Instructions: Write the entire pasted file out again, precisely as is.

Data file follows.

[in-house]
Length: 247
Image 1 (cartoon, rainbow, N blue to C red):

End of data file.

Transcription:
[in-house]
Length: 247
Image 1 (cartoon, rainbow, N blue to C red):